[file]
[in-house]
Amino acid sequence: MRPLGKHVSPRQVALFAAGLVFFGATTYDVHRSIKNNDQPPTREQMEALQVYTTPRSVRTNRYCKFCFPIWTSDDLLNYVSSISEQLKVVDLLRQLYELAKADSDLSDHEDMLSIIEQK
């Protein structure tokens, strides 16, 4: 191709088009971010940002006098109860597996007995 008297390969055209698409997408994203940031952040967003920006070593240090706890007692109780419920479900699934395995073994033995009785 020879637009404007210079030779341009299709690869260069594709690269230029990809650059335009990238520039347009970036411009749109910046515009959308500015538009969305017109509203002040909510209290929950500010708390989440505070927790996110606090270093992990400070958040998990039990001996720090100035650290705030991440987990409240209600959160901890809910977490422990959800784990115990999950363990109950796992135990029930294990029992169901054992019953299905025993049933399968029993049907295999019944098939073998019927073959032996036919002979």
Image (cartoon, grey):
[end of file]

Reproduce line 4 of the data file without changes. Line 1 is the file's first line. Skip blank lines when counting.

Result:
Image (cartoon, grey):